Twelfth Night

Twelfth Night

Summer Shakespeare Festival
by William Shakespeare
The Old Globe
San Diego
June 13-September 27, 2009 (In Repertory)


Patrick Page as Malvolio. Photo: Craig Schwartz.

Twelfth Night is one of the most celebrated of Shakespeare’s plays, possibly for its easy-to-follow plot, but also for its timeless humor and catchy romance. The play centers on the beautiful heroine Viola, shipwrecked in a strange land. She disguises herself as the boy “Cesario” and works her way into the court of Duke Orsino. Impressed by this articulate and handsome young man, Orsino sends Cesario to woo Lady Olivia on the Duke’s behalf, but Cesario speaks so eloquently that Olivia is soon smitten – not with the Duke, but with Cesario. Meanwhile Viola has fallen in love with Orsino and finds herself, along with an entire comic entourage, entangled in a web of disguises, mistaken identities and misplaced affections.

The cast, 19 actors in residence at the Old Globe Theatre for the Summer Shakespeare Festival (Twelfth Night is performed in repertory with Cyrano de Bergerac and Coriolanus through September 27), includes many talents. Indeed, there are only first class performances in this show. Lovely Dana Green is gender-exploring Viola, Gerritt Vandermeer is debonair Duke Orsino and to complete this love triangle is Katie MacNichol as the dramatic Olivia. Another remarkable trio is composed of James Newcomb as the gester Feste, Eric Hoffmann as Olivia’s party-loving uncle Sir Toby Belch, and Bruce Turk in the role of Sir Andrew Aguecheek. They play well off each other and are exceptionally entertaining. Broadway veteran Patrick Page is an astounding Malvolio and University of San Diego Master of Fine Arts student Aubrey Saverino holds her own as Olivia’s waiting-gentlewoman, Maria. Greg Derelian is Antonio and Kevin Hoffmann plays Viola’s brother, Sebastian.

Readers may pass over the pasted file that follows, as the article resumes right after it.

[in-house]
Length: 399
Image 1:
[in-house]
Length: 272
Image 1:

Paul Mullins has cleverly set this production on the Italian Riviera in the 1950s. This is a very clever and effective setting for this Shakespeare classic and presents a unique challenge for costume designer Linda Cho, who meets it with flying colors. The different attires for the roles of Olivia and Sir Andrew are especially noteworthy and add greatly to the character developments and comedic value of the play.  Christopher R. Walker designed sound and music and must be credited for the wonderful arrangements of Feste’s songs to match the time period. Barbershop Shakespeare never sounded so exquisite. Lights are designed by York Kennedy and scenic design is by Ralph Funicello. Whether you have seen this play once, 10 times or not at all, you will enjoy this excellent production.

Patricia Humeau

Mr. Simpson has a BA in Journalism from the University of Southern California and worked as an advertising writer in Los Angeles before moving to New York to pursue a different passion: dance. He danced professionally in New York and Boston before founding a community-based modern dance company, Small City Dance Project, in Newburyport, MA. His fiction has appeared in literary journals and anthologies. He was a teaching fellow at Smith College, where he received his MFA in choreography. While living in the Bay Area for 15 years, he wrote about dance for the San Francisco Chronicle and other periodicals. In 2005, he was a NEA Fellow at the Dance Critics Institute, American Dance Festival. For, he reviews dance, theatre and film. He moved to Santa Fe in October, 2008. He writes for "Pasatiempo," the Arts magazine of the "Santa Fe New Mexican."